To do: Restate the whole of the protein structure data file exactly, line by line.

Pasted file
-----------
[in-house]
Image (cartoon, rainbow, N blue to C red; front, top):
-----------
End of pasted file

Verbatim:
[in-house]
Image (cartoon, rainbow, N blue to C red; front, top):